Sunday, March 08, 2009
Stem cell breakthrough could make ethical debate moot
Monday, March 02, 2009
WASHINGTON (BP)--A bill that would drastically expand federal funding for embryonic stem cell research has been re-introduced in the Senate, but British and Canadian researchers announced a scientific breakthrough March 2 that could change the course of stem cell research and eventually make the ethical debate moot.
As detailed in the research journal Nature, the researchers found a safer way to reprogram ordinary human skin cells into embryonic-like stem cells. While a 2007 study by Japanese and American researchers did something very similar, the British and Canadian researchers did it without the use of a virus, which the '07 teams had used to complete the process. Researchers feared the use of viruses to turn the skin cells into the stem cells could cause cancer in patients.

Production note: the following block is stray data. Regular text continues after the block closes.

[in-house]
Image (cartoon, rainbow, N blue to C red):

Stem cells are the body's master cells that can develop into other cells and tissues, and they have the potential for leading to cures for diseases and other ailments.
"It is a step towards the practical use of reprogrammed cells in medicine, perhaps even eliminating the need for human embryos as a source of stem cells," one of the researchers, Keisuke Kaji of the University of Edinburgh, told the Guardian newspaper. "This new method will advance the field of regenerative medicine and should help understand diseases and test new drugs."
More . . .